AFN Go App Brings Video, Streaming Services to Troops – Department of Defense

AFN Go App Brings Video, Streaming Services to Troops – Department of Defense

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A request made for years by service members and commanders is finally happening — American Forces Network has launched an app that offers video on demand and livestreaming services.

The new app, called AFN Now, launched in early November. As more service members consume their programming via apps, Defense Media Activity officials said it just made sense to get with the times.
"If we want to give our commanders the appropriate space where the audience is, we have to be where the audience is," Michael Drumheller, the AFN Broadcast Center director, said. "This is an option that audience members have asked for in the past, and we're just now able to deliver."

A logo that says “AFN Now.”
AFN Now

AFN Now app logo.
Photo By: DOD

VIRIN: 220721-O-D0439-072


So, what makes this app stand out from others, aside from being free to eligible downloaders? Officials say the content includes short breaks for important command information — not commercials.
"[Users] can already get their own music. They can already get their own entertainment, but they can't get information on their careers. They can't get information on their local community, and that is what we deliver that nobody else can," Erik Brazones, an AFN Operations Policy officer, said.
As the app grows, developers plan to dynamically tailor ads to specific audiences to better serve them. For instance, if there were to be a major change to the Air Force Senior Noncommissioned Officer Corps, that information could be broadcast specifically to Air Force senior NCOs who've registered on the app. Those who aren't Air Force NCOs wouldn't see that message because it doesn't pertain to them.
"It'll give them situational awareness, and that is where we want this app to go. We want it to be an indispensable information source for them," Brazones said. "We want to make sure that the information we deliver is just as important and just as beneficial as the entertainment."

A screenshot of a mobile device shows various programming options.
AFN Now App

An example of what the AFN Now app will look like once a user is logged in and is able to browse available content.
Photo By: DOD

VIRIN: 220721-O-D0439-073

Another plus is that the app will give the service a better idea of what people are watching.
"[Our programming] is based on the current Nielsen ratings in the United States in our demographic, but if we have better information about what people are watching in volume — as we'll get through AFN Now — we'll be able to tweak that to give people what they want," Drumheller said.
Like many other streaming services, the app has news, sports, prime-time scripted content, late-night and daytime shows and movies. Officials said overseas video programming rights are tightly controlled, so AFN Now will have about 90-95% of the content that's offered on its satellite service. It will be presented in what they call a "rolling five" type of format.
"It's a rolling kind of catch-up service," Kareem Lowe, the AFN Broadcast Center's director of television, said. "Meaning episodes one through five — once episode six premieres, episode one will drop off."
Major League Baseball, Major League Soccer, National Hockey League, NASCAR and IndyCar programming is available for on-demand viewing. Lowe said the app is hoping to get the National Football League, National Basketball Association and Ultimate Fighting Championship on board eventually.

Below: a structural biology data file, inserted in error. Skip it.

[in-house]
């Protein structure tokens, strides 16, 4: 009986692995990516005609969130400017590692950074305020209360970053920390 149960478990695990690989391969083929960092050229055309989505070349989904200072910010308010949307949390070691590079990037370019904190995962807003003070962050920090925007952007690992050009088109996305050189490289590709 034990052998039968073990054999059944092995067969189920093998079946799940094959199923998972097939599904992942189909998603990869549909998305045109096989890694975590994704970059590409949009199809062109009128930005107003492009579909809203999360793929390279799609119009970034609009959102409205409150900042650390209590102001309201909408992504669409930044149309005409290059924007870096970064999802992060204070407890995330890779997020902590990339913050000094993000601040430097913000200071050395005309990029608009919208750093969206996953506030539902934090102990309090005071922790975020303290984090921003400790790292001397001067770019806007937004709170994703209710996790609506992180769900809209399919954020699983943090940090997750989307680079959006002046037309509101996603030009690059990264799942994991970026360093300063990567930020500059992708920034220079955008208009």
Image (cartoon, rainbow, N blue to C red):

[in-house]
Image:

Like other AFN services, only service members, their families and retirees living overseas can access AFN Now. Defense officials said the entertainment industry has been very generous with its support of AFN since World War II, but the Defense Department has to do its part to make sure only eligible folks have access to the content.

A uniformed man in headphones touches DJ equipment in a radio studio.
AFN Gary Bautell

Gary Bautell was a DJ and newscaster for AFN in Germany for four decades. He joined the radio network in 1962 as an Army private and became known as the voice of the U.S. military in Europe.
Photo By: Army

VIRIN: 210420-A-ZZ999-102

"Media is an expensive proposition … so we need to make sure that we're not taking customers away from them," Brazones said of the entertainment industry. "We want to make sure that we are supporting our entertainment partners just as fervently as they're supporting us, and we do that by making sure that we restrict access just to the DOD audience."
Eligible customers can create a free account that's authenticated the same way many other DOD services are set up, including the decoders for AFN's satellite service.
"They will enter their identification or their data into our website, and that is then compared against the Defense Enrollment Eligibility and Reporting System, DEERS," Brazones said. Parents will be able to approve their children's ability to have an account this way, too.
The app, which took three years to develop, was tested extensively throughout the Pacific theater earlier this fall. Developers listened to the audience's feedback and used it to further refine the app's performance and accessibility.
The app ties into AFN's satellite service and its radio app, AFN Go, which was rolled out in 2012 as AFN 360 but was rebranded in March after several audience-suggested improvements were made. On-demand audio and a podcast feature were added to AFN Go this fall, as well.
AFN Now is downloadable via Apple, Google, gaming devices and smart TVs.
(This article was updated Nov. 10, 2022.)
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